• establishing a comprehensive State response to extreme heat emergencies as part of the State Comprehensive Emergency Response Plan;
  • directing and coordinating investments to benefit disadvantaged communities by creating a comprehensive inventory of State programs, initiatives and services, and analyzing how these programs benefit heat-vulnerable disadvantaged communities; and
  • expediting and implementing immediate action for this summer to scale existing efforts to address the most acute extreme heat-related impacts and needs.

The EHAP Work Group has released a report of interim recommendations (PDF) that includes actions for immediate implementation to help prepare communities for a heat emergency and address acute heat-related impacts and needs in 2022.

EHAP Work Group Interim Recommendations in Six Opportunity Areas
Category Recommendations
Planning P1. Initiate process to develop heat adaptation plan by January 1, 2024.​

P2. Initiate process to develop a heat hazard annex to the State's Comprehensive Emergency Management Plan by June 1, 2023.​

P3. Fund development and implementation of actions.
Coordination C1. Convene heat emergency coordination team. ​

C2. Leverage existing touchpoints with the public to perform heat health checks and/or enhance public outreach.

C3. Convene an EHAPWG team to coordinate extreme heat-related outreach and communications.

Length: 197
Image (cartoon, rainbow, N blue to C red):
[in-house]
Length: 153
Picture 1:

Public Cool Spaces PC1. Expand availability of cooling centers and shelters.​

PC2. Promote use and visibility of cool spaces and expand outreach.​

PC3. Extend access to State parks, swimming areas, recreational lands and other State facilities that provide relief from extreme heat.
Heat Health Warning Systems and Protocols H1. Improve alert system for extreme heat and/or humidity
Community Partnerships CP1. Collaborate with community-based organizations to provide services and support to disadvantaged communities and otherwise hard-to-reach groups.
Housing and Cooling HC1. Develop uniform utility hot weather provisions.​

HC2. Improve targeting and uptake of existing energy efficiency and weatherization programs in heat vulnerable, disadvantaged communities to expand access to sustainable and affordable cooling.​

HC3. Expand access to affordable cooling through HEAP program by advocating for additional funding for the HEAP cooling component.​

HC4: Explore long-term ability to mitigate energy burden impacts associated with cooling and electrification.

Download a PDF of the EHAP Work Group interim recommendations.